What this “criticism” proves is simply that the critics are quite ignorant of the views of their opponents, let alone being in a position to advance on those views from a more comprehensive understanding.

It is rather like accusing atheists of the Protestant heresy because we will not pray to the virgin Mary, when in fact the problem is even more serious!

26. The differences between the Marxist and Social Democratic approaches to the social implications of modern technology are made clear when Ian Benson proceeds “Towards a Socialist Technology Policy”:

“It should call for the removal of all barriers to the full development of science and technology in the interests of society, through a programme of radical institutional, scientific and political reforms.”

Benson then outlines a program of reforms to promote “re-skilling,”Democratic Control”, “Social Ownership”, “Development of Science” and “Socially Useful Production” – all with the aim of “liberation of science”.

What this omits is precisely the Marxist concept that the main “institutional” barrier to the full development of science and technology in the interest of society, is the capitalist mode of production based on commodities and wage labour itself. This has been obsolete since the age of electricity (never mind micro-electronics) and needs to be swept away by revolution (not reform).

Social Democrats share with Marxists the fundamental concept that the development of the productive forces, modern technology and economic growth, is the positive dynamic factor which pushes forward the transformation of social relationships. But they stand this conclusion on its head by calling for reforms to push forward new technology and economic growth (which are dynamic and pushing forward spontaneously anyway), instead of concentrating on the obsolete social relations which are the passive factor that has been left behind and is acting as a brake on further progress. In fact in an era such as this, where the social relations are obsolete, it is precisely by social revolution that the productive forces can be unleashed for further and more rapid development (and in the act of social revolution, the relations of production temporarily assume the role of the most active dynamic factor).

Although the terms “productive forces” and “relations of production” have been turned into an almost meaningless cliche, once grasped, the concept is almost tautologous in its simplicity.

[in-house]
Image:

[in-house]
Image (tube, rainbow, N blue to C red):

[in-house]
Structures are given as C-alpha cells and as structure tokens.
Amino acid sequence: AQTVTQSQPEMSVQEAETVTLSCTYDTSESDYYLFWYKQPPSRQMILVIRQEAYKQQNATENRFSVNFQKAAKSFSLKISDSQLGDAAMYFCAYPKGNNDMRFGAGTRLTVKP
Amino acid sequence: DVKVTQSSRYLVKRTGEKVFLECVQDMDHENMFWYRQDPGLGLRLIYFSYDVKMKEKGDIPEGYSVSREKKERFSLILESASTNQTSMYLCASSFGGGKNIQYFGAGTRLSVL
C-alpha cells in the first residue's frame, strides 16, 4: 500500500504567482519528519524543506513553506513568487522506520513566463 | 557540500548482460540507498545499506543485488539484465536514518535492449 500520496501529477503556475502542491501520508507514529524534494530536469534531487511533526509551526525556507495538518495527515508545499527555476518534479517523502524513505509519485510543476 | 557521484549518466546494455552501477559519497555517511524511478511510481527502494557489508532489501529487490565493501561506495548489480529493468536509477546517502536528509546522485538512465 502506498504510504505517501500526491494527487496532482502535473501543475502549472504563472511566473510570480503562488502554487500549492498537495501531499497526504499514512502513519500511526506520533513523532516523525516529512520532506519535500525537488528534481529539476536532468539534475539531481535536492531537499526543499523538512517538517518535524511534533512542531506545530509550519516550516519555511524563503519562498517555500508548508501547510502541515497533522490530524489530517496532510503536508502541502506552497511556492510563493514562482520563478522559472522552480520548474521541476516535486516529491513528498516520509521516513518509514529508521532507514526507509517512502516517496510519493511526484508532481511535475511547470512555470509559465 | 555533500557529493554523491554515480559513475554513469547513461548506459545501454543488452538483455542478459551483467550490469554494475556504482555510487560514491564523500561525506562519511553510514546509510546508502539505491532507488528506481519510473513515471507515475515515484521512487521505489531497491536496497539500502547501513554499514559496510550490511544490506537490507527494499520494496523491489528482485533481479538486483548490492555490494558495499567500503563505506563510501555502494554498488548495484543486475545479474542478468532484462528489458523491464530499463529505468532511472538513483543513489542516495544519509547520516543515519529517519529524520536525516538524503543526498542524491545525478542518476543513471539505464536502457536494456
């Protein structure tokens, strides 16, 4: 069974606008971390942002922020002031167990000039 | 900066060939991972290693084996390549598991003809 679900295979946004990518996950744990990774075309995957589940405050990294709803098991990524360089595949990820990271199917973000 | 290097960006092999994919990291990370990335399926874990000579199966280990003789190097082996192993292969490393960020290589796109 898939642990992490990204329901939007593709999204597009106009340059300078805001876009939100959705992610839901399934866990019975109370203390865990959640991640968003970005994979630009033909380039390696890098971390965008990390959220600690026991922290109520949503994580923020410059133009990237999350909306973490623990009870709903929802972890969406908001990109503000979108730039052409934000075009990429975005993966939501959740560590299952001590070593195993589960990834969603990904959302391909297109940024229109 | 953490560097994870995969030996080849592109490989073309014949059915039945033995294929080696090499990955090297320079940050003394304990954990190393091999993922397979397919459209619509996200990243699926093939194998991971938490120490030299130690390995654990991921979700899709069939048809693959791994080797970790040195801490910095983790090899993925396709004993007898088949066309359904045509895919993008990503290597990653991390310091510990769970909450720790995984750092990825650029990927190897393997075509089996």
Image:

27. Economic growth, and especially technical progress, is essentially cumulative. New developments, even if quite useless, or only capable of being used in a harmful way, always add to the range of possibilities open and never shut off possibilities that were open before. We still spend most of our waking hours “Making a living” and our social relationships are formed in the course of doing so. It is hardly surprising that the continuous opening up of new ways of making a living should continuously leave behind and render obsolete the old social relationships founded on the basis of obsolete ways of making a living.

28. The whole point about the productive forces being the active dynamic factor, is that they have an in-built tendency to develop spontaneously, which the relations between people do not.

Whenever an enterprise improves its production technique, or an individual worker improves his or her lot (eg. by obtaining a more responsible position), there is a development of the productive forces. But it is not automatically accompanied by any corresponding change in social relations. Under capitalism such developments are proceeding spontaneously all the time, indeed they are a necessary condition for the expansion of markets and the possibility of re-investing surplus value in the expanded reproduction.

29. The social relations of production can get left behind as the productive forces develop, so that today for example, we still have essentially capitalist relations between people, based on commodity exchange and wage labour, which were appropriate to the petty production of the middle ages but are no longer compatible with large scale machine industry (let alone being compatible with the latest developments).

30. Just as the institutions of slavery and serfdom once held back the further development of the productive forces and had to give way against the slave and surf revolts, so the institution of wage labour is now holding things back and giving rise to revolts. Eg. apart from the obvious contradictions between capitalism and economic growth expressed in business crises, there is the day to day stifling of the enormous creative energies of the workers themselves, which could be unleashed in a system where they had an interest as masters of production, instead of a direct interest in sabotaging it and “conserving” their jobs. Then scientific and technical innovation would not only be unhindered by mass unemployment and crises, but would be the conscious activity of the majority instead of the province of “management control”.

31. It follows from this analysis that the critical task facing society is to smash the obsolete social relations as the only way to liberate the productive forces or “liberate science” as Benson puts it.